During the week of April 4th through April 8th, I was able to attend the OLC Innovate Conference, which took place in New Orleans, Louisiana. I was there to present alongside Dr. David Noffs for our presentation “Game On: The Practical Application of Game Elements in Online Graduate Courses.” Not only did we present our ideas on gamification, I also attended sessions that expanded my view of how gamification can be applied to different courses. Both focused on the narrative aspect of gamification, showing ways that story elements assist in course design. The first, “What’s Your Story? Creating Narrative in
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Before moving to Chicago from a small town in Texas (right at the southern tip), I worked as an Instructional Designer for almost eight years at a local community college. That role allowed me to collaborate with faculty members in the development of online courses for various programs, thus expanding the educational opportunities to students of all types throughout the region. I am excited to be here as a Learning Designer for Northwestern University, where I hope to assist in creating more opportunities for people who wish to begin or continue their education.
Prior to the journey that is online learning, I was a Special Education Teacher for five years, where I taught high-school students with learning disabilities in the subjects of Math and English. I graduated with a Bachelor’s degree in Radio-Television-Film from the University of Texas at Austin, and then went on to earn a Master’s degree in Computer Education and Cognitive Systems from the University of North Texas. That program is where I got my first taste of distance learning, and from then on I was hooked.
One of my passions outside of education is writing, which is why I decided to complete an MFA in Creative Writing at the University of Texas Pan-American (now the University of Texas – RGV). My focus was on screenwriting/playwriting, and one day I hope to finally build up the courage to have one produced. I also love to blog, especially when it comes to television shows. In fact, you can often find me relaxing on the couch watching everything from Dancing with the Stars to Orphan Black, with a little Marvel’s Agents of S.H.I.E.L.D. (or Agent Carter) thrown in.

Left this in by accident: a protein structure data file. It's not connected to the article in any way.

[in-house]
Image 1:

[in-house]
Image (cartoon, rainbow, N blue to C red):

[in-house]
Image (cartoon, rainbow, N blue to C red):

Posts by: Jacob Guerra-Martinez
When it comes to online courses, faculty members are always on the hunt for new ways to keep their learners engaged. The use of Digital Badges is one form of engagement that has popped up over the past few years, yet many people are still unsure of how it can be applied to their online courses. What are Digital Badges? Badges are visual representations of skills that learners have acquired by mastering a certain skill or activity. Unlike certificates, badges are distributed and posted online and are used to validate settings that are formal and informal (Learning Tech, 2015). In
In my first post on gamification, I talked about the difference between gamification and game-based learning. In the second, I gave some tips on how you can get more familiar with the idea of gamification. Now I would like to talk about the different kinds of concepts involved in gamification, and how they can be applied to your online course, starting with feedback. Feedback One of the most important aspects of most games is that a system exists that gives instant feedback to let the player know how they did. This wonderful blog post from 2013 gives a great example